LIVE IN HD
In this New Year’s Day performance, Laurent Pelly’s storybook staging of Massenet’s Cendrillon, a hit of the 2017–18 season, is presented with an all-new English translation in an abridged 90-minute adaptation, with mezzo-soprano Isabel Leonard as its rags-to-riches princess. Maestro Emmanuel Villaume leads a delightful cast, which includes mezzo-soprano Emily D’Angelo as Cinderella’s Prince Charming, soprano Jessica Pratt as her Fairy Godmother, and mezzo-soprano Stephanie Blythe and bass-baritone Laurent Naouri as her feuding guardians. This live cinema transmission is part of the Met’s award-winning Live in HD series, bringing opera to movie theaters across the globe.
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Languages sung in Cinderella—Holiday Presentation
Title languages displayed for Cinderella—Holiday Presentation
Met Titles In
Timeline for the show, Cinderella—Holiday Presentation
Estimated Run Time
1 hrs 35 mins
World Premiere: Opéra-Comique, Paris, 1899
Charles Perrault’s 1698 fairy tale, the classic telling of the Cinderella story, is an excellent source for an opera—providing color, romance, and relatable themes for audiences of all ages. The work includes many moments in which Massenet is at his best and most widely accessible, from the pageantry and glowing musical nostalgia for the French baroque in the court scenes to the otherworldliness of the love music to the wit and humor that permeate the work as a whole.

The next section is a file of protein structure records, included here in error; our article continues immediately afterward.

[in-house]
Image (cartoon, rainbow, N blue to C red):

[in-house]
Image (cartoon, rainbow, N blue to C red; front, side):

Jules Massenet (1842–1912), a French composer wildly popular in his day, was noted for his operas, songs, and oratorios. The libretto for the opera’s original French version, Cendrillon, was fashioned by Henri Cain (1857–1937), a dramatist known for providing libretti for operas, including several by Massenet. The Cinderella story was written by the French author Charles Perrault (1628–1703), who, beyond crafting a number of famous fairy tales, was a noted academic of his time. Kelley Rourke, who created the new English translation for this season’s presentation, is a librettist, translator, and dramaturg whose work has also appeared at English National Opera, Welsh National Opera, Scottish Opera, Washington National Opera, Opera Theatre of Saint Louis, and the Glimmerglass Festival, among others.
Barbara de Limburg
Perrault’s originally story was published at the end of the 17th century, and the opera and its music preserve references to that era of lavish court entertainments and clear-cut distinctions of social hierarchies. It is, however, a fairy tale, and as such, it takes place in an indeterminate past in which magic, whimsy, and love at first sight are features of everyday life.
Massenet’s score features a preponderance of the lower female voices—including a mezzo-soprano as the object of Cinderella’s affection—that were so favored by French composers in the 19th century. The result is an otherworldly yet sensual tonal palette that serves as a rich background for this familiar tale. Against all the fairy-tale wonder of the score, the title character and her prince are recognizably human. Their love duet is a masterful moment emblematic of Massenet’s elegant style: The prince is lyrically effusive, while all of Cinderella’s gushing emotion is expressed in refined yet poignant phrases.